464284 Grid-Relevant Demand Response Modeling of Chemical Processes

Wednesday, November 16, 2016: 9:42 AM
Carmel II (Hotel Nikko San Francisco)
Joannah Otashu, Cara Touretzky and Michael Baldea, McKetta Department of Chemical Engineering, The University of Texas at Austin, Austin, TX

Manufacturing industries constitute a significant consumer of electricity ranging from about thirty three percent in developed countries[1] to twelve percent in developing countries[2]. In light of the fact that the world jointly seeks ways to improve energy efficiency, mitigate climate change, and optimize the efficiency of the grid[3]; it is beneficial that manufacturing industries, especially chemical industries, contribute to meeting this need. Several chemical processes have been identified as potential candidates owing to their high electricity consumption; including cement, pulp and paper, aluminum, and air separation. These industries can make modifications to their production schedules by increasing production during off-peak periods (i.e., times when total grid load and time-of-use prices are low) and storing excess product to satisfy customer demand during peak times when production rates are lowered. This way, the chemical industry can serve as a grid-level “storage battery.”

While intuitive, this strategy – referred to as demand response (DR) – requires a shift in the established operating paradigm of chemical plants which is predicated on running at steady state as much as possible. In contrast, synchronizing chemical process operations with the state of the power grid calls for frequent changes in production rate and/or product grade. From an operational point of view, this requires that production scheduling decisions become not only aware of the steady state characteristics of the process (i.e. what products can be made and at what cost) but also of the process dynamics (i.e. how long it takes to quickly switch between products, and the transient levels of critical operating constraints).

In our previous work[4] we focused precisely on developing such a scheduling framework. Specifically, we proposed the use scale-bridging models (SBMs) to represent the process dynamics in the DR scheduling calculation. SBMs are a set of low-order representations of the closed-loop dynamic behavior of a process that is relevant to scheduling calculations (including, e.g., the evolution production rate and product quality following changes in production targets). We showed that the use of SBMs presents distinct advantages compared to embedding a detailed process model in scheduling calculations, namely, leading to significant reductions in computation time and providing an incentive for real-time implementation.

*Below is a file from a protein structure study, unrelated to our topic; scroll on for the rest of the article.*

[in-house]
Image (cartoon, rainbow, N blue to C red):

Increased participation of industrial players in DR initiatives is expected to have an impact on the operation of the electric grid and, as a consequence, developing representations of DR entities that can be incorporated in power system models is highly desirable. Most existing efforts in this direction focus, however, on thermal loads[5,6]. As a consequence, in this work we propose a new representation of the dynamics of DR operations for chemical processes that is relevant from the grid perspective. Starting with the premise that the aforementioned SBMs are not amenable to sharing with grid operators due to, e.g., business confidentiality concerns related to explicitly representing the performance of a process, we propose a new representation of process dynamics as a grid-level battery. We define a specific set of states (e.g., state of charge) and constraints (e.g., rate of charge) that are meaningful both from the point of view of plant operations and from the point of view of the grid. We demonstrate that such models can be expressed in terms of linear equations (with both continuous and binary variables), and are as such readily embeddable in the existing frameworks for modeling power systems. Finally, we illustrate our results with a case study.


  1. Levin, K., Cashore, B., Bernstein, S., & Auld, G. (2008). Worldwide Trends in Energy Use and Efficiency: Key Insights from IEA Indicator Analysis.
  2. Prasad V.S.N. T (2009). Nigeria’s Electricity Sector- Electricity and Gas Pricing Barriers. International Association for Energy Economics Journal, 1st Quarter, Pg. 29 – 34.
  3. G8 Gleaneagles (2005). Gleneagles Plan of Action: Climate Change, Clean Energy and Sustainable Development. Available online http://www.mofa.go.jp/policy/economy/summit/2005/ccc_a.pdf
  4. R. C. Pattison, C. R. Touretzky, T. Johansson, I. Harjunkoski, and M. Baldea. Optimal process operations in fast-changing electricity markets: Framework for scheduling with low-order dynamic models and an air separation application. Ind. Eng. Chem. Res., 55(16):4562–4584, 2016.
  5. L. Goransson, J. Goop, T. Unger, M. Odenberger, and F. Johnsson. Linkages between demand-side management and congestion in the European electricity transmission system. Energy, 69:860–872,2014.
  6. A. Zerrahn and W. P. Schill. On the representation of demand-side management in power system models. Energy, 84:840–845, 2015.

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